Monday, May 19, 2008

Other LIS sites to report on...

I didn’t get a chance to finish reporting on the other two sites we visited during our May 14th Long Island Sound dive trip so here you go. Given the high cost of fuel, we always try and hit as many sites as we can on the same day and these are the last two.

Mulford Point is a site that we always check for a number of reasons. This is a large meadow where we often collect naturally uprooted shoots for use as transplants in our restoration work. Luckily, we don’t have to always have to go by boat as there is convenient land access where we can get a truck relatively close to shore and unload our gear.

Since Steve and Kim went in, I didn’t get a look at this site first hand, but I was happy that they reported that there were lots of loose shoots at the inshore edge of both the inner and outer bands of grass. We will be scheduling a collection date to coincide with plantings at one of our restoration sites, most likely Caumsett State Park in Huntington.

Later in the season (August) Steve and Kim will visit 6 permanent monitoring stations established at Mulford to track trends in shoot density and percent cover. This work is essential in helping us understand how LIS meadows function and it also helps us make sure that we are not impacting the donor site through our collection process.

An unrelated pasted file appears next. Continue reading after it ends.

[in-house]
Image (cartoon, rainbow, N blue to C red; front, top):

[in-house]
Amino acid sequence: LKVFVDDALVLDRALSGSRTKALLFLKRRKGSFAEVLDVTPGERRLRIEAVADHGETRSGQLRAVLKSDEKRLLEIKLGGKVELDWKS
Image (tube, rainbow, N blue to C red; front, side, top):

It was also interesting to note that Steve found several plants that were heavily coated with snail eggs. The apparent culprit was the Threeline Mudsnail/New England Dog Whelk (Ilyanassa trivittata) found on the plants, but the eggs sure looked like they came from Eastern Mudsnails. This is the only site where we have observed the Dog Whelks, although they must occur at other sites. We usually see them rooting for food around the base of the shoots. I am always surprised at how fast they move and how aggressive they appear to be. Can the word “aggressive” ever be used to describe a snail?

Our final stop on this trip was a visit to our test plantings at Great Gull Island, just east of Plum Island. We planted shoots gathered from Fishers Island here a couple years ago and are happy to report that the plants are thriving. The water is deep and the wave energy is high, but the plants have really filled in despite the small number of shoots that were originally planted. As is typical for this site, seals were seen swimming at the surface, but we didn’t see any during our dive. Some day I hope to see them face to face…


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